And yes, people like this get demonised. They get called “unreasonable”, they are told they spout “gibberish” and “bad arguments” when they are making none. That’s demonising them, simply because they do not believe as the people insulting them do.

    I said his argument was unreasonable gibberish. I said nothing about him as a person. And, yes, it is an argument. It is an attempt to persuade. As such, it is open to criticism like any other argument. In my post I specifically said that I see nothing wrong with him as a person, and was directing my comments exclusively to his comments. Why can’t you show the same respect?

    Pointing out that someone is committing a fallacy is not “demonizing”. I’m shocked that a philosopher would think that critiquing the claims and arguments of others, and pointing out fallacies, is “insulting” and “demonizing”. The entire study of philosophy would not even exist if pointing out flaws in what others claim were declared improper.

    Which is more insulting and demonizing: Calling an argument “unreasonable nonsense”, or calling a person you don’t even know anything about a “militant atheist”? The way I see it, the former is a critique directed towards ideas and arguments, while the latter is knee-jerk name-calling directed towards the arguer. I’m not the one demonising here.

  13. #13 jeff
    February 28, 2008

    I’m sure the Rabbi’s a nice guy, and if all of our fundamentalists were like him, we’d be in great shape. But this statement makes me cringe a bit:

    human ingenuity brought the Bible into being

    I’m sure I don’t have to bring up all the foul or absurd passages in the Torah to help others understand why I question such “ingenuity”.

  14. #14 windy
    February 28, 2008

    The very next sentence after the one quoted is:
    Why shouldn’t science (which studies nature) only confirm the great lessons of Judaism (which proclaims miracles)?

    The rabbi goes on to claim that anthropology somehow has confirmed something about the list of activities forbidden on the Sabbath. This is a bit more than simply saying that the natural world can be seen as a miraculous. This is claiming that science supports allegedly divinely inspired commandments from an ancient book. This particular argument is harmless, vague, and far-fetched compared to fundamentalist claims, but I don’t see a reason to applaud this type of reasoning, either.

  15. #15 Morgan-LynnGriggs Lamberth
    February 29, 2008

    And now Kennetth Miller wants to evolutionary thought to include design,saying it doesn’t presuppose God. But it presupposes a designer.Even saying the designer is natural selection plays into the hands of the creationists and ID’ers and implies purpose; rather there is the neutral term pattern. Also he himself does see God as designer. As Amiel Rossow @ Talk Reason notes how he takes design out the front door, only to put it back through the back door in his advocacy of God, for which he presents only faith in effect.
    So,no miralcles and no designers! Theistic evolution is teleological while evolution is dysteological; thus a contradiction ensues.Selection,being its own boss, does not need a super boss to override its mindless making pattterns.Contrary to Eugenie Scott, that is a scientific notion!
    And contrary to the shallow Alister McGrath the redundant God adds nothing to science! God did it is so silly.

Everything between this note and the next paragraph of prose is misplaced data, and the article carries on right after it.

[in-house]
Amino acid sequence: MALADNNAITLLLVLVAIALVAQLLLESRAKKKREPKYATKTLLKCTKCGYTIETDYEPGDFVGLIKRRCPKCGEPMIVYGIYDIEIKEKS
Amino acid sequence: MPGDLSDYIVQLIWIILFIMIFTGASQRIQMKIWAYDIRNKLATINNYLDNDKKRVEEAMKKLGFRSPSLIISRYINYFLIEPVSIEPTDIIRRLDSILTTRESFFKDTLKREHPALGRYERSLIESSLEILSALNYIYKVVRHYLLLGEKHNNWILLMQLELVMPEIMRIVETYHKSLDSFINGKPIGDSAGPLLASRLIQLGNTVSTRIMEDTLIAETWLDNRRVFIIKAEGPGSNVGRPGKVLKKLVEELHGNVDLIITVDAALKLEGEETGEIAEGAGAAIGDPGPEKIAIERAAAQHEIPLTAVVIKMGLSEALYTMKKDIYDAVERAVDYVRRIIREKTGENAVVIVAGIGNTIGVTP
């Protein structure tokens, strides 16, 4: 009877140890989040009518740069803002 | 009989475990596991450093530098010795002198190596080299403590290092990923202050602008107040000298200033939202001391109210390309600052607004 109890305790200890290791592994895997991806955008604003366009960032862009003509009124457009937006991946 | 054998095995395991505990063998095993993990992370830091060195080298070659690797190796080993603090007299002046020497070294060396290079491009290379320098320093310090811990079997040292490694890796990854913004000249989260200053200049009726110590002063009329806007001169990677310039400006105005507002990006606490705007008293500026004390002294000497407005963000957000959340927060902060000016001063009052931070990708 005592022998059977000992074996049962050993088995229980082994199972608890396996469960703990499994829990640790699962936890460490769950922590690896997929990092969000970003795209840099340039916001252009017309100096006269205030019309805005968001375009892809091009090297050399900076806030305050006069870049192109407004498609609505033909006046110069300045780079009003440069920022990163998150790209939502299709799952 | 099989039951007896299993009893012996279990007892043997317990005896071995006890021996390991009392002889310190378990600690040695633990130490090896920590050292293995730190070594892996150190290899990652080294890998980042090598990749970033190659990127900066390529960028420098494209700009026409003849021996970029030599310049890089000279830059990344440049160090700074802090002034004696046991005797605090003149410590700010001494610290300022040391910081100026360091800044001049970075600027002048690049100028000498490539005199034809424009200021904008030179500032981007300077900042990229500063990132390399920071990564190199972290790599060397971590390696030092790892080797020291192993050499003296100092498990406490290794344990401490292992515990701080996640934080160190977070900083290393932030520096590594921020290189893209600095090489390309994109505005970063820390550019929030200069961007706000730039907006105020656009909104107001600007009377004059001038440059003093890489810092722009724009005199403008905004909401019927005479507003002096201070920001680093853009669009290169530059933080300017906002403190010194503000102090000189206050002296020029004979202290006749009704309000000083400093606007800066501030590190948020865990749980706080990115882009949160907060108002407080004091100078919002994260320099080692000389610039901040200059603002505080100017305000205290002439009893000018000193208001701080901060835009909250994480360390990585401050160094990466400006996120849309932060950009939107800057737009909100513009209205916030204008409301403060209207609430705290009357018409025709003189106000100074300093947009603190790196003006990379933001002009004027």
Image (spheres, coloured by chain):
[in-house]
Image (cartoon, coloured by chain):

We don’t need the obscurantism of miralcles and designs!
    The presumption of naturalism holds that natural causes and explanations not only are efficient but also necessary, primary and sufficient. With the ignostic argument, we find God to be incoherent; with the Ockham one, we find Him redundant. God need not apply for work!
    Contrary to Richard Swinburne, God is not the simpler explanation-its not any sort of a real one- as it requirs ad hoc assumptions while natural causes and explanations don’t.They are their own “sufficient reason” contrary to Leibniz.[ The principle of sufficient reason is useless otherwise.]
    Furthermore, Hume does not beg the question against miralcles,only demanding evidence to override natural causes much as Einstein overrid Newton.

  16. #16 Susan Silberstein
    February 29, 2008

    It appears that some of you do not know anything about Torah commentary; there is no reason why you should. Unfortunately, you don’t know how to read it, so you see it as an argument meant to persuade rather than the explanation of the text that it is meant to be.

  17. #17 John S. Wilkins
    February 29, 2008

    I think the problem is that many people think that what is true of the dominant religion in their immediate vicinity is ipso facto true of all religions. In this case that fundamentalist, or at least evangelical, apologetics somehow defines any statement made by a religious person. And as you say, Susan, this is a commentary for the Jewish faithful who already accept the rules of kashrut.

  18. #18 Wes
    February 29, 2008

    I think the problem is that many people think that what is true of the dominant religion in their immediate vicinity is ipso facto true of all religions. In this case that fundamentalist, or at least evangelical, apologetics somehow defines any statement made by a religious person.

    Completely irrelevant, and untrue. No one has accused this guy of proselytizing. I and a few others have claimed that his logic in the article you posted is bad. Red herrings about those ever-hated fundamentalists and evangelicals (who are quickly becoming the go-to religious scapegoats) don’t change that.

    And as you say, Susan, this is a commentary for the Jewish faithful who already accept the rules of kashrut.

    …Therefore, it cannot be criticized…

    Nonsense. Besides, the evil dirty fundamentalist and evangelical Christians that everyone loves to blame all other religions’ problems on make statements directed solely towards the faithful as well. This does not suddenly make them beyond criticism (and such statements are often criticized), nor does the intended audience change the fact that a list of premises intended to support a conclusion is an argument subject to the rules of basic logic. Whether it’s some kind of midrashic commentary directed at followers of Judaism or not is irrelevant–it’s still poor reasoning. Bad reasoning is bad reasoning whether you agree with its conclusion or not. It’s not “demonising” to say so.